Campbell finished out his semester that year with a 3.5 grade point average out of a maximum 4.0. “My family is very proud of me; I’m proud of myself,” Campbell said “I’m the first college graduate. That’s big.”
    The final retweet came from Jessica Sims: “Got my cap and gown!” she exclaimed. Sims is not the first in her family to graduate and she did not have to overcome and financial hardships, or any hardships for that matter.

    “I’m just happy to graduate plain and simple.” said Sims. She is a psychology major from Baltimore, and like many of her peers she has family coming down for the special ceremony.

    On Sunday the opening convocation ceremony will be held. This event is the introduction for the graduating seniors. Families from throughout the United States travel to hear the guest speakers and to see the soon-to-be graduates walk in their caps and gowns.

    As other students throughout the night went on to tweet about receiving their caps and gowns the level of excitement about opening convocation became apparent. It all starts with a simple retweet, a small action that sets off a chain reaction of similar actions.

    Whether they want to be the first in their family to graduate from college, or want to finish school for personal reasons, or simply want to graduate just to graduate, many Hampton seniors seem to have similar thoughts: Check Twitter.

    The writer is a student at the Scripps Howard School of Journalism and Communications

     
  • E-News U. Contributor 7:09 am on February 7, 2011 Permalink |
    Tags: Black Eyed Peas, , Super Bowl XLV, Twitter, Usher   

    By Jennifer Ibe HAMPTON, Va. – Shouting … 

    By Jennifer Ibe

    HAMPTON, Va. – Shouting and scurrying of feet could be heard down the hall of an off-campus apartment as the anticipation of Super Bowl XLV reached its peak. A lot of opposing views could be heard as the yelling reached its all-time high.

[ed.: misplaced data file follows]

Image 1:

Every year, the Super Bowl brings out the good, the bad, and the ugly. With the Pittsburgh Steelers and the Green Bay Packers going head to head Sunday, this year was no different.

    “You can’t rape someone in the summertime then come back to win a Super Bowl,”
     said Leon Burns, a Hampton University junior management major from Silver Spring, Md.

    Last March, Steelers’ quarterback Ben Roethlisberger was the subject of a sexual assault investigation. This was centered on the accusation of a 20-year old college student in Georgia. The Steelers quarterback faced a lot of negative publicity and was suspended for four games, however no criminal charges were filed.  

    As the crowd hovered around the growing debate more bashing and yelling was heard.

    “The Steelers got this in the bag,” yelled Terrell White, a Hampton alum from that city, “and everyone who doesn’t agree is a hater.”

    People began filling up the living room as boxes of wings and pizza were passed around. Laughter rang throughout the living room as jokes and comments were made.

    The women were huddled in the corner of the kitchen prepping for what would be a great night.

    “I really just like hanging out with my friends and this is one of the best moments to do so,” said Kashawna Parker, a senior biology major from Savannah, Ga.

    While countless new commercials were watched in sheer silence, many people in the room partook in Twitter to rant their objections and praise.

    As halftime came around and the Black Eyed Peas performed, many students were excited to see them and danced along with hit songs that they performed.

    R&B artist Usher Raymond joined the Black Eyed Peas to perform his hit song, “OMG” which left Twitter buzzing and many females in the room swooning. 

    As the Packers’ dominated the scoreboard silence swept the room, leaving Steelers fans in disbelief and Packer fans glowing.

    A 21-10 Packers halftime lead ended as a 31-25 victory over the Steelers in Super Bowl XLV.

    The writer is a senior print journalism major at Hampton University Scripps Howard School of Journalism and Communications.